FREEHOLD, NJ — Small businesses in Monmouth County can apply for more funding under an expansion of the CARES Economic Assistance Grant Program.

Monmouth County Freeholder Director Thomas Arnone announced that businesses that already have received a $10,000 grant can now apply for another $10,000 of coronavirus-related funding through the program.

“Any small business that has already applied and submitted expenses in excess of $20,000 does not need to do anything — your application will be reviewed and eligible expenses will be processed,” he announced during a November 2 press conference. “If you submitted more than $10,000 but less than $20,000 and have incurred additional expenses, please submit them as soon as possible.”

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Since the program launched on August 3, the county has approved more than 2,100 applications and dispersed nearly $18 million in CARES grants, Arnone said.

To qualify, businesses must meet the following criteria.

  •  Be physically located in the county since January 1, 2019 or earlier.
  •  Provide documentation of being negatively impacted by the COVID-19 pandemic.
  •  Have $5 million or less in annual gross revenues.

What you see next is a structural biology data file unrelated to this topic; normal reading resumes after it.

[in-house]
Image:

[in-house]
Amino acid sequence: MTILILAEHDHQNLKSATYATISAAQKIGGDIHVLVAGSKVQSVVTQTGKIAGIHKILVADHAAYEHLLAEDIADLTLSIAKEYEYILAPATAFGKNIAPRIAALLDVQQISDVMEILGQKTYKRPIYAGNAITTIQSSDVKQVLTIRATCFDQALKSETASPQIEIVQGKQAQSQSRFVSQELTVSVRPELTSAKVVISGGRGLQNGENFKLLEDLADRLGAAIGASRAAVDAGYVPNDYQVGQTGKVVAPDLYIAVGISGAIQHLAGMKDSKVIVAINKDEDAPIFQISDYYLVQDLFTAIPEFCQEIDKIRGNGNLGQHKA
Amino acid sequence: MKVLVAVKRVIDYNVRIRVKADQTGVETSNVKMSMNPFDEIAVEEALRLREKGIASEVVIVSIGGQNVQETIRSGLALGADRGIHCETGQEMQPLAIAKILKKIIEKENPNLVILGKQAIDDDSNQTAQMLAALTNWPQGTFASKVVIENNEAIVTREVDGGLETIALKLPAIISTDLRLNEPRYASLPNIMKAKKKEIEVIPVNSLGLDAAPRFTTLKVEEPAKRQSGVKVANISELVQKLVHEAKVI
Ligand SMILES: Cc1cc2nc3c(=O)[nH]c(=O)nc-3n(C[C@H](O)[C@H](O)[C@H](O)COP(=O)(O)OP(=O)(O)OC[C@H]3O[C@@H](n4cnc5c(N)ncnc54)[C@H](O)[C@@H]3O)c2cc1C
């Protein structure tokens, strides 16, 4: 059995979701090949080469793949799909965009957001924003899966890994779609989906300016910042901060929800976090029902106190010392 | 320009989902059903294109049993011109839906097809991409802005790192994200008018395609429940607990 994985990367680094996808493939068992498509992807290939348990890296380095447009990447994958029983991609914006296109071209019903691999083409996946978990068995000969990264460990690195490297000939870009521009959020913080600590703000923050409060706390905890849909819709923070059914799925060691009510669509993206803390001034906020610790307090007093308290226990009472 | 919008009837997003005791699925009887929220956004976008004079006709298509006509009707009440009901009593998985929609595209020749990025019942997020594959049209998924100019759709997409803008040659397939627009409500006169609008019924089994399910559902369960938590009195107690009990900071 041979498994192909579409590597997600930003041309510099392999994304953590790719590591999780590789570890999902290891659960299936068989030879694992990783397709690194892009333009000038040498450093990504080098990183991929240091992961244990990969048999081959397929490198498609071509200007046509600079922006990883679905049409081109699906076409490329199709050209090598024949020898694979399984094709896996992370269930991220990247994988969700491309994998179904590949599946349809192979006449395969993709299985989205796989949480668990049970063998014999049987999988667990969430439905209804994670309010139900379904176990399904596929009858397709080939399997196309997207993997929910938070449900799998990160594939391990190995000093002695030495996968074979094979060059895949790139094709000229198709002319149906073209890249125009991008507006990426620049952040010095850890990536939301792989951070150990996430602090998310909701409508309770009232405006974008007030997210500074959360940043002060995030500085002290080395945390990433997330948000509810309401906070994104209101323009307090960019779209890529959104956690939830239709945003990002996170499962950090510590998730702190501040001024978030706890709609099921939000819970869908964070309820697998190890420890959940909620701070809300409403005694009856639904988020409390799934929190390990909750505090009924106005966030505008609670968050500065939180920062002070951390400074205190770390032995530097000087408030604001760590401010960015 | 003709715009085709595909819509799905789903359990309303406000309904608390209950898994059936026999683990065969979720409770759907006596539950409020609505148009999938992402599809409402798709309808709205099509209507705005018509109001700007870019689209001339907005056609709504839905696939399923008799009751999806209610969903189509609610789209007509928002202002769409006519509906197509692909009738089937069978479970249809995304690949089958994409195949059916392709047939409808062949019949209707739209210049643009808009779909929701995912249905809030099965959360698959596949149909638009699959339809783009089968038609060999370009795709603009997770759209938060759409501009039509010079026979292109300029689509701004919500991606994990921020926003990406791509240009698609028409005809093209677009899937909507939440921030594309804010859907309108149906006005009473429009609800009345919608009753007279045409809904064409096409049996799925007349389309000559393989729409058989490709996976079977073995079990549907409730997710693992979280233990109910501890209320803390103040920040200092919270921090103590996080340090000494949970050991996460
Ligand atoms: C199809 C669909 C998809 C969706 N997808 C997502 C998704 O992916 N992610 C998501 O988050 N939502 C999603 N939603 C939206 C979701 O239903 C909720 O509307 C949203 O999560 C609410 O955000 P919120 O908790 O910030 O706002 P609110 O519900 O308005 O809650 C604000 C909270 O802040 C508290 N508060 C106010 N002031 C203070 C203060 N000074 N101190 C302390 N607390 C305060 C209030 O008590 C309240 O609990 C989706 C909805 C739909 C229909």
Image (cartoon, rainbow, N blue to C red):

•  Employ 50 or fewer full-time workers, including the owner, as of March 1, 2020.

While nonprofit organizations that are registered with the Internal Revenue Service can apply, banking, educational, governmental and medical service providers are not eligible at this time.

To learn more about the program or apply, visit or call 732-375-2196, Monday through Friday from 9 a.m. to 5 p.m.

During the press conference, Arnone also announced that Monmouth County is allocating federal CARES (Coronavirus Aid, Relief, and Economic Security) Act funding to vocational and special needs education — in the form of $500 per full-time student and $250 per part-time student at vocational schools, and $500 per student in the county’s 10 special needs schools.

“There are some things that cannot be taught virtually, including culinary arts, biotechnology and health care. Because of the critical need for hands-on learning, the county vocational schools have worked tirelessly to safely return students to the classroom,” Arnone said.

Since special needs students rely heavily on structure, he said that their schools have had to dedicate their efforts to how to bring them into the schools safely.

“These students have worked so hard to get where they are today and we will do everything we can to help these schools keep their students in their classrooms with their favorite teachers and peers,” Arnone said.

In an update of the county’s COVID-19 testing program, the health department has administered 3,832 tests with 84 positive results since its launch in July. The testing site locations, dates and hours of operation are posted on the county’s website at

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